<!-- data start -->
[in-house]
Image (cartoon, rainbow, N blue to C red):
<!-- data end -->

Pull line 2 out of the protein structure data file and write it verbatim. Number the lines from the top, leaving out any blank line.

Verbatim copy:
Image (cartoon, rainbow, N blue to C red):